This isn't the sole focus for their fatalism. Their own fame has lately been getting a considerable dose of abjection; not least from Andy Summers. "There is a conscious move towards a lower profile and to lose the three laughing blond heads; there are other groups in England who can do that now."

Manager Miles Copeland puts it more bluntly. "Thank Christ for Adam."

The faces have vanished from the cover of 'Ghost In The Machine'... sort of. The three digital hieroglyphics aren't the title spelt out in runes but computerised mushes for each of the band. The one in the middle is Sting, the top three arrows representing his stand-up hair.

"It's been fun being famous," ventures Stewart Copeland, Excuse the mild cough Stewart but you're hardly good copy for Anonymity Weekly. "Yeah. But the image is not so important anymore, it's done its job and it can be relinquished. There are problems: like buying underwear at Woolworths and disappointing the girl behind the counter because you didn't get extra large."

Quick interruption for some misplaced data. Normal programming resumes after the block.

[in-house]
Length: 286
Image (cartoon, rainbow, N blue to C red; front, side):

One of the questions posed at Sting is whether he wants the Police to be the biggest group in the world in five years. "I'd like the WORLD to be here in five years. Basically, I don't need another number one, it doesn't give me any more ego massage than I've already got, it's just a game now. It's nice to be number one but I'm not going to commit suicide if we're not. It was more important to produce something of integrity. There will be a hit, the game will be played to the hilt next month but it wasn't vital that Invisible Sun should be number one, just that it should be released. Ghost In the Machine was an important step because everyone was expecting a sequel to the last three, which didn't happen. As for the next direction, who knows? I don't care right now, I don't care whether we go on, or are successful as a group, it doesn't worry me, I'm genuinely more worried about my kids having reasonable lives, living till they're at least 20. Being the biggest group in the world doesn't matter a f*** compared to that."